Book Review: The PEAR Installer Manifesto

Author’s Note: This has been posted to Amazon, where I rated the book four star.

“Isn’t PEAR just a bunch of packages you can install?” That’s the question you’ll receive most of the time if you ask a PHP developer if his software can be installed through the PEAR Installer. There’s been a lot of work happening in PEAR that’s culminated most recently in the PEAR elections and the announcement of Pyrus - PEAR 2. A major force behind all of these changes, including work on the PEAR Installer, is Greg Beaver. With this book, he can claim “he wrote the book on PEAR”. Not that anyone could have disagreed with him before getting this book published. :-)

This past weekend I read through the PEAR Installer Manifesto. For anyone who’s not familiar the PEAR installer and how it can be used in projects outside of PEAR, I would point them to this book. It’s only six chapters long, but it walks through the ways to use the PEAR Installer to enhance your projects - large or small, open or closed source, free or pay. This book covers the basics of what the PEAR Installer is, how to use it to distribute your own packages, and explains how to deploy a website using the installer. The book closes out with the two chapters that make this book a must read to someone already familiar with the PEAR Installer, but not familiar with what it is capable of: a chapter on PEAR channels and one on embedding the PEAR installer.

A PEAR channel isn’t a difficult thing to setup; there are blog posts aplenty on the topic. This chapter fill in the gaps in those posts answering the «why» to how things are done. I’ve setup my own channel before, but I hadn’t investigated the internals to figure out exactly how everything ticked. Chapter 5 - Releasing to the World: PEAR Channels, fills in the gaps and gives you a thorough understanding of what makes a channel tick.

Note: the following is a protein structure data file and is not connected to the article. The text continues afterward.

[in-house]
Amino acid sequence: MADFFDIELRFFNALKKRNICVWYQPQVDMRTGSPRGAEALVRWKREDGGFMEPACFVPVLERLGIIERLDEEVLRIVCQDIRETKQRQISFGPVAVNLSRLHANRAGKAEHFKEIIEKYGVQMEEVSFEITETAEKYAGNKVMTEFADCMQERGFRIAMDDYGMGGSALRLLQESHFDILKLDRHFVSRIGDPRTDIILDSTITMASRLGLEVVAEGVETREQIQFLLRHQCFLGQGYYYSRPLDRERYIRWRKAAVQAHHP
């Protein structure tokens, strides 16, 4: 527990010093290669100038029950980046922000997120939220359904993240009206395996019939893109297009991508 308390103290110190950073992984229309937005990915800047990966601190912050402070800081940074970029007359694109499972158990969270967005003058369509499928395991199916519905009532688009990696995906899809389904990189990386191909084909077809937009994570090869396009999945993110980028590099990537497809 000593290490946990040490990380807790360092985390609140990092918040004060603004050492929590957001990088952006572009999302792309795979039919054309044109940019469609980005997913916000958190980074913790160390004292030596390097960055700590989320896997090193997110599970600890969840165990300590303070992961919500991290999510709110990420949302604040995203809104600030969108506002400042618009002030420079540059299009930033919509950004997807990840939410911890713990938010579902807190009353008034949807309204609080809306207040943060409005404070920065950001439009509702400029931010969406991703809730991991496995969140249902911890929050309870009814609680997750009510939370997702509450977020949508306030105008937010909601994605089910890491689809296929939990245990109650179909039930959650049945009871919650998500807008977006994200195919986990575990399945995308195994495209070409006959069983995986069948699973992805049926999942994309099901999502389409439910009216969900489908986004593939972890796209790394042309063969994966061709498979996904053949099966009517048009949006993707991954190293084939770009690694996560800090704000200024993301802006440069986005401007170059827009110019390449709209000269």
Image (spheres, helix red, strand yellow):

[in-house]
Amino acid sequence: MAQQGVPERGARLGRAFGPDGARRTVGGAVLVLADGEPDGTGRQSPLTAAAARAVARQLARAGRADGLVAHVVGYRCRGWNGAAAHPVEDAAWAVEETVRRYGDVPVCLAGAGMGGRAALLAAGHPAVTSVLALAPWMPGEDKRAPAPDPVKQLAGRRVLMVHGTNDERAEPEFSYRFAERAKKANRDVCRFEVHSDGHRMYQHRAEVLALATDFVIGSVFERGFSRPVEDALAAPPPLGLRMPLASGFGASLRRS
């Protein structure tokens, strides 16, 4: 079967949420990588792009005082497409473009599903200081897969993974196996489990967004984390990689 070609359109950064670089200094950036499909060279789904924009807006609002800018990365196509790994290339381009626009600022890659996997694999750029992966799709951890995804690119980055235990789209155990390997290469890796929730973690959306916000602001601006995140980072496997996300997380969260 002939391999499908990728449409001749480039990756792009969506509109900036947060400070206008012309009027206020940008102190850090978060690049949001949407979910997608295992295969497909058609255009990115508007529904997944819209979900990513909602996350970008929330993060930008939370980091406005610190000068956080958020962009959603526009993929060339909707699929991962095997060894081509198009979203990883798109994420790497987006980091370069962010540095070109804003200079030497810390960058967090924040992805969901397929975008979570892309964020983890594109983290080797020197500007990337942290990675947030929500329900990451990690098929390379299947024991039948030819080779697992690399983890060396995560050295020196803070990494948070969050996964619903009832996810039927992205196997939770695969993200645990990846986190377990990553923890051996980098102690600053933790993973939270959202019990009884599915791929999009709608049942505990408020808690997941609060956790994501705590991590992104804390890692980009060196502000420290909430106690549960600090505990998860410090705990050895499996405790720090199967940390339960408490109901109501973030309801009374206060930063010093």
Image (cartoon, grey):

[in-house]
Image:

Chapter 6 - Embedding the PEAR Installer: Designing a Custom Plug-In System, discusses several methods of handling plug-in systems then demonstrates how to create one using the PEAR Installer as a base. This chapter really starts to show exactly how powerful the installer can be once you start to re-purpose it, making it more than the command line tool we all use to download and install code. Thinking of the possibilities this introduced, I actually got giddy. Yes, I know… I’m a geek.

This is a four star rating, so there were a few things that weren’t exactly what I had hoped for. I hoped this would serve as a full reference to the installer. While this book takes you a lot of great jumping off points, it doesn’t have the thoroughness I wanted. There are areas where the complexity of the code you’re calling isn’t covered in depth and you’re left with a “this is all you’ll need to know for this task” type comment. It took a visit to Greg’s PEAR channel to fully understand how to package a custom file role. The book demonstrated the required PHP for the role and showed the custom XML, but didn’t explicitly state that they were to be packaged together or how they were to be packaged. An appendix offering an in-depth overview of the code related to the installer would be a great addition to this book. With the recent news of Pyrus, that might be outdated before it could be ready though.

I would have liked to have seen a more in-depth comparison to competing methods of building/packaging software. Instead, the only alternative that is discussed at any length is “unzip and go”. It would have been interesting to see the comparison of the PEAR Installer to a traditional build system - such as PHP’s phing or Java’s Ant — and to explore using the installer inside a phing/Ant environment and how they could compliment each other. For example, using phing to handle the build process, while using PEAR channels and the installer to handle distribution and installation.

This book is definitely worth the read for anyone interested in the PEAR Installer and understanding what it is capable of. The absence of a full reference to the installer code and no mention of viable alternatives to handle packaging are the only things that kept me from rating this book at 5 stars.